It so happened that a musician circulating among the crowd remarked that the piano had greater worth than the asking price, and while this boosted Caroline’s confidence about her purchase, she continued to harbor guilt about it. Only after her dear friend, “Karen,” had reassured her that the piano belonged in her exclusive care without regard to dollar and cents issues, did Caroline let go of her concerns.

Though I was intensely curious about the Kohler selling price, I had never inquired about it in deference to Caroline Scheer’s privacy.

“Do you mind if I try out your grand piano,” I asked her tentatively?

“No, of course, go right ahead,” she replied.

Within five minutes of playing the Kohler & Campbell piano, I had sized it up. A perfunctory run across its registers revealed an instrument with a dull, lackluster tone that had audible whistles from what I’d guessed were friction-related problems in the action. The sustain pedal also squeaked audibly and no matter how I approached the piano, I could not elicit any tonal beauty from it. Even if I had imagined an idealized sound and had striven to attain it, the instrument would repeatedly fail me.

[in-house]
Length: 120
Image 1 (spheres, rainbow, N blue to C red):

The “Kohler” brand portion of its name, shared with a well known sink, fleshed out its mediocrity. A basically inferior piano with numerous internal problems, it was greatly diminished by the Knight that played circles around it, though half its size.

From having spoken with Caroline about her new acquisition I wasn’t sure that she realized her Kohler, nicknamed “black stallion,” was no match for the shimmering Knight, or maybe she did and there was something I hadn’t been told that factored into her decision to put it up for sale. It was this psychodrama that drew me into situations like these.

“I’d like to bring my adult student, Fuji out here to review the piano,” I reminded Caroline, “and I want Mr. York, my piano technician associate, to take a good, hard look at the crooked keys and evaluate them.” I needed to be absolutely sure that the misaligned notes were not a symptom of a larger, more serious problem.